HR's 10 Most Common Legal Mistakes
As employment laws become more complex (not to mention more numerous), it's easier than ever for costly mistakes to occur. Penalties can run into the thousands of dollars for simple mistakes (mishandled I-9s can be as high as $1,100 for each violation). More serious violations could bankrupt a small business.
Business Management Daily has compiled a list of 10 most common mistakes managers and HR make. Not each will directly get you into trouble with the law -- at least not directly. But each can land you into legal hot water.
We've listed them here with a brief explanation. The post provides more detail about each:
- Advertisements, Interviews and Offer Letters -- Is the language in your job posting discriminatory? Do all the hiring managers know to avoid asking about personal and/or protected characteristics?
- Wage and Hour Issues -- More than ever, the Labor Department is cracking down on worker misclassification. Be sure your exempt employees meet all the elements of the test and not just the pay level, which is expected to change later this year.
- Privacy Assumptions and Violations -- Your handbook should make clear they should not expect anything on their company computer, cellphone or other device to be private. The flip side of that is that the company has the legal obligation to keep employee records confidential.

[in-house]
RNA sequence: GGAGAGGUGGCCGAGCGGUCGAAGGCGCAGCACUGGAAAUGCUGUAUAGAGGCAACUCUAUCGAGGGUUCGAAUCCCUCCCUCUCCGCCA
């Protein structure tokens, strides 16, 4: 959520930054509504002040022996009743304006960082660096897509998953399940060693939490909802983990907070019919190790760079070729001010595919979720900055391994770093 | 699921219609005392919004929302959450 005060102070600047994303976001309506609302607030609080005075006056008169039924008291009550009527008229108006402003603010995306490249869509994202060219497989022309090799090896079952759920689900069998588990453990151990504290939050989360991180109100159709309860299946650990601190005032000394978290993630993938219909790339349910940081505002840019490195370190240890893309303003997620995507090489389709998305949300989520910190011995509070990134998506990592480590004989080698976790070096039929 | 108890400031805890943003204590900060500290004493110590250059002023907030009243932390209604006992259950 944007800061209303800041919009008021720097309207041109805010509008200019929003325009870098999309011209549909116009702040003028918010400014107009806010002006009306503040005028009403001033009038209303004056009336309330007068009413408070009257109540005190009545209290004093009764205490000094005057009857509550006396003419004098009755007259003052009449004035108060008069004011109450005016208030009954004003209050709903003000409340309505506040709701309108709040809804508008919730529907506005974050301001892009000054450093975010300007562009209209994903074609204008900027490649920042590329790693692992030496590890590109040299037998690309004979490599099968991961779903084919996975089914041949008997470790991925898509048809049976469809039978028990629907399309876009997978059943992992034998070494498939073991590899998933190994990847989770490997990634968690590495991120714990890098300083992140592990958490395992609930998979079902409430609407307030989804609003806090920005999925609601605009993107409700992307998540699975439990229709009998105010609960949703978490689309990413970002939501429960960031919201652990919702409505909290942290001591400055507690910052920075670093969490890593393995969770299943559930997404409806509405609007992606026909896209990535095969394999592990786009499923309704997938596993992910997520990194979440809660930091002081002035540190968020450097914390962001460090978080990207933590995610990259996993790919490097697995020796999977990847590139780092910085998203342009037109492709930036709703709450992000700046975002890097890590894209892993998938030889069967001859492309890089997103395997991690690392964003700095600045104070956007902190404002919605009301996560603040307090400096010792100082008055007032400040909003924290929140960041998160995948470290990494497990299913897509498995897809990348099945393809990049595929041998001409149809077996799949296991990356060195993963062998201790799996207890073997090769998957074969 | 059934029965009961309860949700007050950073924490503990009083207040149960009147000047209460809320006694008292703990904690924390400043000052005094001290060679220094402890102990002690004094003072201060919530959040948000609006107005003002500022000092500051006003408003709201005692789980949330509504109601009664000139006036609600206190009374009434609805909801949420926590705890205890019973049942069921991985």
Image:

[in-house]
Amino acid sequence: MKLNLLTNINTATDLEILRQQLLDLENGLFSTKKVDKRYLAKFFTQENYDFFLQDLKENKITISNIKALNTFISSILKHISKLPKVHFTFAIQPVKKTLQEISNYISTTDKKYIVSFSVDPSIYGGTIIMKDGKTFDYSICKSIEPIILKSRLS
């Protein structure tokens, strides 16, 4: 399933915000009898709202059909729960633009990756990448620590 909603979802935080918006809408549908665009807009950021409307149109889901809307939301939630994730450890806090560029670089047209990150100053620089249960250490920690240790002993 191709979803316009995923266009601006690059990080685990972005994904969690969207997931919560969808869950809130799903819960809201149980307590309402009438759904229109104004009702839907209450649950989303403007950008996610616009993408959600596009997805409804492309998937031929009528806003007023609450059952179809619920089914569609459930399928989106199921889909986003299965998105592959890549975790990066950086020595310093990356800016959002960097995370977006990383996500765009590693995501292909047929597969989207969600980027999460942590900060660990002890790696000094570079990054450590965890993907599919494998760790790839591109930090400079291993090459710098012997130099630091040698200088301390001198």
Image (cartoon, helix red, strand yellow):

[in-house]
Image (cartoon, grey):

- Training and Performance -- Managers must be trained on all the legal requirements and, in many parts of the country, that training needs to be refreshed regularly. The importance of documenting performance must be impressed on them.
- Onboardings and offboarding -- "Among HR's common errors in this area are: failing to submit the state notice of a new hire, failing to tell the employee the key terms and conditions of employment, and providing the employee with a misleading description of working conditions."
- Investigations -- Employee complaints need to be promptly investigated. No matter who conducts them, it's HR's responsibility to oversee the investigation.
- Recordkeeping -- Be sure to document all practices to avoid claims of discriminatory enforcement of the rules. And ensure you have, retain and know where to find all documents as required by law.
- Communication -- "Forgetting to notify employees about policy/procedure changes, outcomes of investigations or discipline issues or unsatisfactory behavior or work quality can be a costly slip-up."
- Accommodations -- The Americans With Disabilities Act requires employers to make reasonable accommodation in work assignments and the physical workplace for covered employees. You also need to make an accommodation for other workers including those in the military who are called to duty and for religious observation.
- Noncompete Agreements -- You may want to prevent a valued employee from going to work for a direct competitor, but be careful. California, for example, doesn't recognize competes and all courts take a dim view of any agreement prohibiting an employee from working at any position in the same general industry forever.